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A book and some information panels featuring it's pages on display in The Devil's Porridge Museum.

New Object of the Month

By Object of the Month

This months Object of the Month is a fishermans records book from Loch and Dornock dating back to 1899.

Thanks to Stuart Graham, now based in Annan, for loaning us the fisherman’s records for Loch and Dornocks Fishings. Stake net fishing and Haaf netting in Dornock and Eastriggs provided a living for many local men for hundreds of years, right up to the last quarter of the 20th Century when Loch and Dornock fisheries were purchased and closed down by a conservation trust purportedly to protect salmon stocks in our oceans.

Stuart’s great grandfather, David John Graham, was the bookeeper who kept the business’ daily account of the netsman’s hours of work and their wages. His grandfather Thomas (old Tom) and his father, William Shannon Graham, carried on the family’s fishing heritage.

The pages in the book in the years 1898-1900 show the names of the fishermen who toiled in the Solway. Perhaps they are from your family and you may have memories or photos of these or later generations who fished at Dornock. Please let us know.

Haaf Net Fishing Films

By News

One of the Great things about having an exhibition on display is the things that it leads to. Our current exhibition in Haaf Net Fishing (which is on display until April 1st), has generated a lot of interest (from people in Cumbria as well as people on the Scottish side of the Solway). So far we have had object donations, objects on loan and on display for our Object of the Month Display and now we have had photographs and film footage shared with us.

The photo above shows a Haaf Netter at Loch and Dornock which is near the old HM Factory Gretna site and not far from Eastriggs, where the Museum is located.


These videos were shared with the Museum by Annan Museum and make interesting viewing:

Thanks to everyone who is sharing things with the Museum – we really appreciate it!

For more information on our Haaf Net Exhibition see:

To purchase books or other items relating to Haaf Net Fishing, visit our online shop:

Someone carrying a haaf net down a beach.

February objects of the Month: Haaf nets

By Collections blog

This month’s object of the month display was created by Łukasz, from Annan Academy, who does work experience at the Museum every Thursday.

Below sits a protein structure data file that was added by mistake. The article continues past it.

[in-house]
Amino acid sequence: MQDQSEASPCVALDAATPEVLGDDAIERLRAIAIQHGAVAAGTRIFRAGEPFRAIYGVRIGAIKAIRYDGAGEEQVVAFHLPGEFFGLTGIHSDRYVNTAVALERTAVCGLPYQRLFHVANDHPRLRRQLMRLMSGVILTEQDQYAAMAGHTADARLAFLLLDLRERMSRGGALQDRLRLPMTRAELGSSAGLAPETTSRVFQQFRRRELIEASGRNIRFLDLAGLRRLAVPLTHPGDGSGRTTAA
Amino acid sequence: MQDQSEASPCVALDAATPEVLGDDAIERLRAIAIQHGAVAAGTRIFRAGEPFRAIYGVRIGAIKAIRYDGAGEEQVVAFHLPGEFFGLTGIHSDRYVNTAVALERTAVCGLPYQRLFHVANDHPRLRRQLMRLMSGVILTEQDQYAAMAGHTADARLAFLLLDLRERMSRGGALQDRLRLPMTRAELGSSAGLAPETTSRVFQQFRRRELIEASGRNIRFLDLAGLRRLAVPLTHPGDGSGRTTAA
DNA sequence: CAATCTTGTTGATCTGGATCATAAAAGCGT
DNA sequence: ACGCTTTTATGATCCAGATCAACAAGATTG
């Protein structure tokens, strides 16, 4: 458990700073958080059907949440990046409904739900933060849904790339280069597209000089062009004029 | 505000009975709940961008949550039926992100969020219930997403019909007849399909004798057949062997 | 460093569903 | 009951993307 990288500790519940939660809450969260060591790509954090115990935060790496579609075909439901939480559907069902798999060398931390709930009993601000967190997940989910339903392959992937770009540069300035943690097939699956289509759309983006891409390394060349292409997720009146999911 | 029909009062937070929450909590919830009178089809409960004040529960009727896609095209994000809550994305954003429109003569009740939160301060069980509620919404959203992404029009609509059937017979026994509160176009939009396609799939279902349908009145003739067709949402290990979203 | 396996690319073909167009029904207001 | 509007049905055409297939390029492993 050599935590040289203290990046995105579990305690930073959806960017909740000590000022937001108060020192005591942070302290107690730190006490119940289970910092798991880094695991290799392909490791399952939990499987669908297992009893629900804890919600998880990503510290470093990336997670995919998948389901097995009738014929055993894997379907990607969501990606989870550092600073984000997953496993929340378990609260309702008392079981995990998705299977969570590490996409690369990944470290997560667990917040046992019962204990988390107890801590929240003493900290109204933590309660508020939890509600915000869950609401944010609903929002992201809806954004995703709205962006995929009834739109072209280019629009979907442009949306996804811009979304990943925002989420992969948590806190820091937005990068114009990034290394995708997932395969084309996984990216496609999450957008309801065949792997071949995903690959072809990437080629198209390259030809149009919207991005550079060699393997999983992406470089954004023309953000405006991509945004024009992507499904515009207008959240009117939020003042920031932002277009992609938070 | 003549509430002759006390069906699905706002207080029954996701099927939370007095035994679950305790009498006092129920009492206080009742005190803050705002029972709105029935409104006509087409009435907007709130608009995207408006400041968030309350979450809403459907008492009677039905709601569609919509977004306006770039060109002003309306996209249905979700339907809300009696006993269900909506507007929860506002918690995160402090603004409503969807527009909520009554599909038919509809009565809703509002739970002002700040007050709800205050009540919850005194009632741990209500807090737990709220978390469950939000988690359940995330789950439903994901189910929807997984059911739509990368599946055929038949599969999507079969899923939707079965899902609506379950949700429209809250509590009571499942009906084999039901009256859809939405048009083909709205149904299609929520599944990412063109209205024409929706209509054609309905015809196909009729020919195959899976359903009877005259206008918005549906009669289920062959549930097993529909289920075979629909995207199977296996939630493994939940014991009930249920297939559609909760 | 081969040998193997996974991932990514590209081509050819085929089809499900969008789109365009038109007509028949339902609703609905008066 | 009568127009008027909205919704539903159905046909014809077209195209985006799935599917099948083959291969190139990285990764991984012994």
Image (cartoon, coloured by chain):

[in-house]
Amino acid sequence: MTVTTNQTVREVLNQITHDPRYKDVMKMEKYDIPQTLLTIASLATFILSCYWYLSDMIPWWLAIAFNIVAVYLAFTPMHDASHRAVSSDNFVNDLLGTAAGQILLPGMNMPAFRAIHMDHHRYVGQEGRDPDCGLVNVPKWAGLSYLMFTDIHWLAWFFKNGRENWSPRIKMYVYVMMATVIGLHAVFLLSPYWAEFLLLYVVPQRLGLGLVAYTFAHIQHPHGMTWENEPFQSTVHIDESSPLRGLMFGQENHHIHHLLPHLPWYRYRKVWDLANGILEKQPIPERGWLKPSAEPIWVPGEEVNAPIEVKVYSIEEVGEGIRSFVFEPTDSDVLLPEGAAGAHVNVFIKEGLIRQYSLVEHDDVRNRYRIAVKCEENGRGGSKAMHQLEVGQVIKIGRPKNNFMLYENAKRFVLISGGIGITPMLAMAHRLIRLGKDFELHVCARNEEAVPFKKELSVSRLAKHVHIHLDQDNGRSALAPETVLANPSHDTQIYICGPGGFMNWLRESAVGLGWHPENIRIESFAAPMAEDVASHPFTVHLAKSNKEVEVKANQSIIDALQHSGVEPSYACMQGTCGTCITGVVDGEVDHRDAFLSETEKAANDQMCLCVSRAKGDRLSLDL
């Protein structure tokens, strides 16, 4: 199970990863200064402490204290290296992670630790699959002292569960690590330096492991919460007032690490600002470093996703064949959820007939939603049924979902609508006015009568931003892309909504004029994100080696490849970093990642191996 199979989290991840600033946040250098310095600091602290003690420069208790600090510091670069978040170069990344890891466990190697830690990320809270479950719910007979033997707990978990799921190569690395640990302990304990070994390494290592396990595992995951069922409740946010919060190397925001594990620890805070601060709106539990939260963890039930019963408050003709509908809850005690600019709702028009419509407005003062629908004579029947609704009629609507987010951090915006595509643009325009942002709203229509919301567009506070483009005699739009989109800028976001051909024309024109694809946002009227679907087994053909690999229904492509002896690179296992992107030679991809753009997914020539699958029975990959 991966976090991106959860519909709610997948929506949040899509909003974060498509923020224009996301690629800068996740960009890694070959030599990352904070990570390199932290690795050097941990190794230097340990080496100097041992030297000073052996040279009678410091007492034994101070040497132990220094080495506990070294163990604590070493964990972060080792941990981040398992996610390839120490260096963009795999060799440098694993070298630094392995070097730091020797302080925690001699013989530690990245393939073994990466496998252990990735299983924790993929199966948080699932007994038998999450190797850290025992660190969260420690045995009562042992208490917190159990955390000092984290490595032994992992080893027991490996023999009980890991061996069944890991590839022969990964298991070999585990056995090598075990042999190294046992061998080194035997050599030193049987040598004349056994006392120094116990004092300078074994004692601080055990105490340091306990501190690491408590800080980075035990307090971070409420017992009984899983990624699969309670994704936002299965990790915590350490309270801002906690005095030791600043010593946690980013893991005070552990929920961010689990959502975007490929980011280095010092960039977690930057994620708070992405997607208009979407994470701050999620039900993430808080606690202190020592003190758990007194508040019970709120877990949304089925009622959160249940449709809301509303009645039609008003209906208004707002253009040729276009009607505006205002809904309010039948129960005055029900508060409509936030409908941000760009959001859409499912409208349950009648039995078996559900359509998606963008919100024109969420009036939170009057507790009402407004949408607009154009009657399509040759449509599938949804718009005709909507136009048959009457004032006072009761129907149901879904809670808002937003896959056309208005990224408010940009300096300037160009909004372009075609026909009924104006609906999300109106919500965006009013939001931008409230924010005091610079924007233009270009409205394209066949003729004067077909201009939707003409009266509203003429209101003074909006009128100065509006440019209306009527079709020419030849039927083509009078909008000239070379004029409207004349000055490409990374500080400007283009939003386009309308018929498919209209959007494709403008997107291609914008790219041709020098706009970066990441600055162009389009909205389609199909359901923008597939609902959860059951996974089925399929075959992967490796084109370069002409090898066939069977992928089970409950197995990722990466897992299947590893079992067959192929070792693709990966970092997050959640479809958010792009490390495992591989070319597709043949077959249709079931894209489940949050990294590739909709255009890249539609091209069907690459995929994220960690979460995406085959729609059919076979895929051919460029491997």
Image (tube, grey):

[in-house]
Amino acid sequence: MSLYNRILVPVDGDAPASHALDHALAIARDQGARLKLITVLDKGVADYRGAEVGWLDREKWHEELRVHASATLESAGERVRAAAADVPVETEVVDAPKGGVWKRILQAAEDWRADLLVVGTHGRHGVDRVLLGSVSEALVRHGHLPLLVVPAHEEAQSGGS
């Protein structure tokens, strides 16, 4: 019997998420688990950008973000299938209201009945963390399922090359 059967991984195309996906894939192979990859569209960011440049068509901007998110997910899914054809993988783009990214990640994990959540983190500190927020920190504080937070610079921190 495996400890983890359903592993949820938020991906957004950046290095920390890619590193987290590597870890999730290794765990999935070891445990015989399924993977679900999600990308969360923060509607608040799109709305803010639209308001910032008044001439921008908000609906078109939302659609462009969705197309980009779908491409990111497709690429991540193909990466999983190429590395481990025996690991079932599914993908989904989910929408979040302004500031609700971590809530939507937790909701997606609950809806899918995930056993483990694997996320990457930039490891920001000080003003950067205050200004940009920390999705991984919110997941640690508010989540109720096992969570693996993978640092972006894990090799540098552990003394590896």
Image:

Lukasz removing the old object of the month from the cabinet ready for the new display.

Object of the Month – February

Haaf net fishing objects

The Museum’s current exhibition (running until March 31st) is on Haaf Net Fishing.  These objects have been loaned to the Museum by local haaf net fishermen.  We also have several other objects on loan in the exhibition including a full sized haaf net, a cleaning stick for stake nets (used to clean the nets when the tide was ebbing) and a fish storage box (a type used in Annan to transport fish packed in ice to London on the 6am train every morning except Sunday).

Object of the month cabinet

Fish Shipping Labels

These labels would be attached to boxes of fish for transport to markets in England.  Some are pre-printed, suggesting fish was sent regularly from the Solway to these destinations (London and Grimsby).  Other labels are blank so the address can be handwritten on.  Fresh fish from the Solway used to be a major source of income for local people and was shipped across the UK by rail in boxes packed with ice.  We were told by the donor of these objects that fish went out every day (except Sunday) at 6am on board the train from Annan.

Ancient Fishing Traditions photo courtesy of Allan Warwick and

Objects for knitting a haaf net

Haaf nets were traditionally made of hemp.  They rotted away quite quickly and at least two nets had to be knitted each fishing season.  The knitting of the nets could be done by the fisherman himself or by his wife.

Ancient Fishing Traditions courtesy of of Allan Warwick and

The three objects to the left were used for knitting and the three objects to the right were used to make the nets the correct size.  The squares of the net needed to be the right size to catch the right kind of fish.

The largest, thickest block was for making nets to catch salmon (far right).

The medium, lighter coloured block was to make a net for catching trout (in the middle).

The long, thin block was used to make a net for catching herling (nearest).  A herling is a one year old trout.

These objects for knitting nets belonged to Slogger , the father of the donor of these objects and one of the organisers of the Haaf Net Exhibition.

Courtesy of

For more details on our current exhibition see:

Haaf Net Fishing

To purchase items relating to Haaf Net fishing from our online shop:

For more details about Haaf Net fishing see (photographs of haaf net fishing used in this article, courtesy of this website):

A selection of historic images can be seen here:






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